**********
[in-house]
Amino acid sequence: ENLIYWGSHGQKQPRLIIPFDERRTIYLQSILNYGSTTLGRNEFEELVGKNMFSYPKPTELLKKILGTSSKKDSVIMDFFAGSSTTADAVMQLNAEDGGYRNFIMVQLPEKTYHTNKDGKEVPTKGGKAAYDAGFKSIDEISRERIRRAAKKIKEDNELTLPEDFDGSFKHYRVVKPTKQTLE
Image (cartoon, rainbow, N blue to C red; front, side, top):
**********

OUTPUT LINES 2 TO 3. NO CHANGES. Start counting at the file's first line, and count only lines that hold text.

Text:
Amino acid sequence: ENLIYWGSHGQKQPRLIIPFDERRTIYLQSILNYGSTTLGRNEFEELVGKNMFSYPKPTELLKKILGTSSKKDSVIMDFFAGSSTTADAVMQLNAEDGGYRNFIMVQLPEKTYHTNKDGKEVPTKGGKAAYDAGFKSIDEISRERIRRAAKKIKEDNELTLPEDFDGSFKHYRVVKPTKQTLE
Image (cartoon, rainbow, N blue to C red; front, side, top):